DJ: Jennifer Abruzzo, a former lawyer with the Communications Workers of America, was appointed general counsel of the National Labor Relations Board in 2021. What have been the most significant changes she’s made?

Millman: She’s pushed unionization very, very far.

DJ: What are some of the recent decisions by the NLRB board that you think have gone too far?

Miller: There’s a case called Miller Plastics. If a single worker, off by themselves protesting something, that’s now protected, concerted activity. Typically under the act, you’d have to be acting on behalf of two or more people. Now, if everyone else is thrilled with their wages and one worker gets terminated for complaining about his wages, that’s now an unfair labor practice. [In Miller Plastic Products, Inc., 372 NLRB No. 174 (2023)]

DJ: Are there other cases?

Millman: There’s a case called Cemex that’s absolutely unparalleled. The way this has worked since 1935 is if a union wants to be recognized they file a petition with the NLRB, and you wind up with an election and win, lose or draw. In the Cemex decision, the burden will no longer be on the union to file a petition with the board seeking election. They can make a demand for recognition with the employer. [Cemex Construction Materials Pacific LLC, NLRB Case No. 28-CA-230115.]

Here’s where Cemex became extraordinary: If an employer commits one unfair labor practice — one! — no matter how insignificant, the board is going to seek an order for the employer to negotiate a collective bargaining agreement with the union without an election taking place, based simply on the fact they believe the union has majority status. And it’s often the case that an employer can slip up, make a mistake, not a big mistake.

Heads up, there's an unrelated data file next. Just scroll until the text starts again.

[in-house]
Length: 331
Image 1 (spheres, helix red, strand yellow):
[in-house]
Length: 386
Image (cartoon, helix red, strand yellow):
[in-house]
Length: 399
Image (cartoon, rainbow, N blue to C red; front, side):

DJ: Are there other areas where you think Abruzzo has gone too far?

Millman: She put together new election rules, which are going to take effect in December, that accelerate the time period with which there will be elections. She’s made everything on a superfast track. All of this is an effort, from an employer perspective, to not allow employers to tell their story.

DJ: What about joint employer status in which a company is required to jointly bargain alongside a subcontractor in a union effort. Are you seeing the NLRB do more in this area?

Millman: Yes! Abruzzo has promised us her view of this issue by Oct. 12. We know she is going to make it easy to prove joint employer status. Any other result would be inconsistent with her pillaging of the employer community.